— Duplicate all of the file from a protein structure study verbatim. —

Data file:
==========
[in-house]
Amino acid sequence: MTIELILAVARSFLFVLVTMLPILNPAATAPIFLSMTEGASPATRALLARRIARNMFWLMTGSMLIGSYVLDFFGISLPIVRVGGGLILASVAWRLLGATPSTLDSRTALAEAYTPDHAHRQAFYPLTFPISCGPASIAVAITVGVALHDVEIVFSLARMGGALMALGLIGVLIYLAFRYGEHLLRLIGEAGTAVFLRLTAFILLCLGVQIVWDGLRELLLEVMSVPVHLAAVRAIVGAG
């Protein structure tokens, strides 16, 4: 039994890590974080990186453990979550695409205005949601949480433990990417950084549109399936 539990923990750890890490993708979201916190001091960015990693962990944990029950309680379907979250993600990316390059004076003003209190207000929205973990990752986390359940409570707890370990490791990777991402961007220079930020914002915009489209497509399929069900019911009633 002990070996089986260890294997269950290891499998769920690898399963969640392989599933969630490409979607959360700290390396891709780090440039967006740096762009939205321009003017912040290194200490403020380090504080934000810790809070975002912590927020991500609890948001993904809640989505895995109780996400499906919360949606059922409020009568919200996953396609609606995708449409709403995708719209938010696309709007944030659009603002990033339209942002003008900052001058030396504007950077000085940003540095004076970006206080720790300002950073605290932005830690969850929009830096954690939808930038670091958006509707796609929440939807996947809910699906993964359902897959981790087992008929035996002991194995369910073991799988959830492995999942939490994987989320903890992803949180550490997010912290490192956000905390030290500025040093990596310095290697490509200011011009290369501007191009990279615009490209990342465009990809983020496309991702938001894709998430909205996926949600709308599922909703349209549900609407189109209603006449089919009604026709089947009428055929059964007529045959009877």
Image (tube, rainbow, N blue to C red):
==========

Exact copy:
[in-house]
Amino acid sequence: MTIELILAVARSFLFVLVTMLPILNPAATAPIFLSMTEGASPATRALLARRIARNMFWLMTGSMLIGSYVLDFFGISLPIVRVGGGLILASVAWRLLGATPSTLDSRTALAEAYTPDHAHRQAFYPLTFPISCGPASIAVAITVGVALHDVEIVFSLARMGGALMALGLIGVLIYLAFRYGEHLLRLIGEAGTAVFLRLTAFILLCLGVQIVWDGLRELLLEVMSVPVHLAAVRAIVGAG
């Protein structure tokens, strides 16, 4: 039994890590974080990186453990979550695409205005949601949480433990990417950084549109399936 539990923990750890890490993708979201916190001091960015990693962990944990029950309680379907979250993600990316390059004076003003209190207000929205973990990752986390359940409570707890370990490791990777991402961007220079930020914002915009489209497509399929069900019911009633 002990070996089986260890294997269950290891499998769920690898399963969640392989599933969630490409979607959360700290390396891709780090440039967006740096762009939205321009003017912040290194200490403020380090504080934000810790809070975002912590927020991500609890948001993904809640989505895995109780996400499906919360949606059922409020009568919200996953396609609606995708449409709403995708719209938010696309709007944030659009603002990033339209942002003008900052001058030396504007950077000085940003540095004076970006206080720790300002950073605290932005830690969850929009830096954690939808930038670091958006509707796609929440939807996947809910699906993964359902897959981790087992008929035996002991194995369910073991799988959830492995999942939490994987989320903890992803949180550490997010912290490192956000905390030290500025040093990596310095290697490509200011011009290369501007191009990279615009490209990342465009990809983020496309991702938001894709998430909205996926949600709308599922909703349209549900609407189109209603006449089919009604026709089947009428055929059964007529045959009877």
Image (tube, rainbow, N blue to C red):